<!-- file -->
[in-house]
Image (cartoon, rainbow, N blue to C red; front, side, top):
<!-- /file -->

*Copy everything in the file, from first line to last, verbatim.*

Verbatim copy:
[in-house]
Image (cartoon, rainbow, N blue to C red; front, side, top):